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Moore pass rushers

8-23-01, 11:05 p.m.


GEORGETOWN, Ky. _ No, the Bengals didn't claim Bills linebacker Corey Moore Thursday and switch him to his college position of defensive end so they could:

_Pick his brain about the Bills' pass rush, which just so happens to be at Paul Brown Stadium Saturday night.

_Line him up to block a winning field-goal attempt on the last play of the game, which he did in Buffalo last season in his first NFL game. Moore, a third-round draft pick from Virginia Tech, spoiled Cincinnati's pre-season opener.

_Bring him in to scare another rush end, first-round pick Justin Smith, out of his 35-day holdout.

"No, it's just an opportunity to take a look at a guy who was a very unique college player," said Duke Tobin, director of pro/college personnel for the Bengals. "We want to see if we can find a niche for him. We think there has to be a niche for him in the NFL with his explosiveness and quickness."

The 5-11, 215-pound Moore, who came out of college last year as the Big East Defensive Player of the Year with 17 sacks, had trouble finding that niche

with the Bills and they cut him Wednesday. Word out of Buffalo is that he just wasn't big enough and he apparently sealed his fate with inconsistent special teams play.

But the Bengals want to try him at end in the pass rush, where they already have similar-type players in Jevon Langford and Reinard Wilson locked in a fight with at least two others for that last defensive line roster spot.

"You can never have enough good players," said head coach Dick LeBeau. "If he can get to the quarterback, we'd have a spot for him. We hope to find that out."

LeBeau said Moore might play a snap against his old team. Tobin admitted, "We're going to get a limited view, but it will still be a view."

Moore was shot in the leg while he was in his car at a traffic stop during the offseason. Tobin said the injury doesn't appear to bother him and he's got a sack this preseason. The club's reports indicate he was an innocent bystander.

"We researched him thoroughly when he was coming out of college and he's not too far removed from that," Tobin said. "He was an exemplary kid there. A team leader and effort guy."

Moore missed seven games last season because of an ankle injury and started the final three games at outside linebacker because of injuries.

THIS AND THAT: Starting right cornerback Artrell Hawkins won't play Saturday after being admitted to Christ Hospital in Cincinnati late Thursday afternoon with lingering tonsillitis. But trainer Paul Sparling is hoping he won't need to have the tonsils removed.

"We think we can turn it around using antibiotics therapy," Sparling said. "It's the kind of surgery you'd like to do during the offseason."

Still, if the tonsils need to be removed, Hawkins could be back for the Sept. 9 regular-season opener against the Patriots. If he doesn't need the surgery, he is questionable for the Aug. 30 pre-season finale against the Colts. . .

The Bengals are going to be down two cornerbacks Saturday with Mark Roman also out with a bruised chest. So look for free-agent Kenny Bryant, a rookie out of Jackson State, to get plenty of work. Robert Bean figures to get the start at Hawkins' spot. . .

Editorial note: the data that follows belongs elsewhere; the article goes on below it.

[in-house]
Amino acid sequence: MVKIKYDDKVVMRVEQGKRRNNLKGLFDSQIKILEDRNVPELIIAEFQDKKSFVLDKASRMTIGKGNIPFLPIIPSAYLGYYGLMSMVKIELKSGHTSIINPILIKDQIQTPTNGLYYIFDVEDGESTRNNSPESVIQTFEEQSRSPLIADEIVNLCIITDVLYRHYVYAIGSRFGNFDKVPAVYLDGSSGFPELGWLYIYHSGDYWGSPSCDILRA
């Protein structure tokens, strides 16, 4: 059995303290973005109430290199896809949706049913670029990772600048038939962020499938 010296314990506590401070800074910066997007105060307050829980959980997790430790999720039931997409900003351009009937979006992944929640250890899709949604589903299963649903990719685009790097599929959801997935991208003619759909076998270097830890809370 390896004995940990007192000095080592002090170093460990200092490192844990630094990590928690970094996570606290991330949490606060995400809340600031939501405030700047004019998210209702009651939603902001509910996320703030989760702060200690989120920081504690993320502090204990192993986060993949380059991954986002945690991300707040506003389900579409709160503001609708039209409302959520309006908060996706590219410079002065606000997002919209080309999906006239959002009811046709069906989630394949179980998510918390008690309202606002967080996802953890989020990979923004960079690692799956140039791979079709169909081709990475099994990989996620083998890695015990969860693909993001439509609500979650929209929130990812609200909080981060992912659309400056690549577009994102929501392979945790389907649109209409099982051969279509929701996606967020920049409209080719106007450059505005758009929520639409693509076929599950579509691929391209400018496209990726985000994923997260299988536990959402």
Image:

DE Kevin Henry (hamstring) is questionable. . .No talks on the Justin Smith front Thursday. . .

Jim Lippincott, the Bengals' director of pro/college personnel, became a grandfather for the first time this week when daughter Kelly gave birth to Evan James King in Atlanta: "He hasn't run the 40 yet, but he passes the eyeball test at seven pounds, four ounces and about 20 inches," Lippincott said. . .

RE-PETE RETURNS: With rookie receiver T.J. Houshmandzadeh (foot) sidelined Saturday, receiver Damon Griffin is going to return punts in his last-ditch effort to make the team.

But most of special teams coach Al Roberts' returners are on the bubble at receiver, such as Houshmandzadeh, Griffin and incumbent returner Craig Yeast. There's a possibility none of those guys will either

be on the team at all or on the 45-game day roster, which makes it tough on Roberts.

"There are so many things up in the air with all those guys," Roberts said.

Wide receiver Peter Warrick said he has already been told to get ready to return more puts than the seven he returned last year as a rookie, but Roberts is holding off for sure until he sees how the receiver spot plays out. But he very well could be the regular returner.

One of Warrick's returns went 82 yards for the "Bobby Orr Touchdown," which was the return Warrick skated across the PBS ice against Jacksonville Dec. 17, the last time the Bengals were in the building.

But Warrick won't get any returns on PBS' new turf Saturday or the last pre-season game. Roberts is ready to take him out of the wrapper for the regular-season opener. But he also doesn't want to overuse the team's slot receiver.

"Some he'll return, some he'll catch," Roberts said.

Warrick is looking forward to the added work and thinks he'll be better than last season simply because he'll have a chance to get into a groove with more work.

"That's what I do. That's one of my skills," Warrick said. "I don't mind it. I'll do it."

Warrick has been catching punts in practice and thinks he could start the regular season cold. But he wouldn't mind getting a shot to return one in preseason.

Cornerback Rodney Heath can also return punts, but Roberts is worried about the 5-10, 175-pounder getting exposed too much.

"Corners do return," Roberts said. "But usually they're the 6-foot, 190- 200-pound guys."

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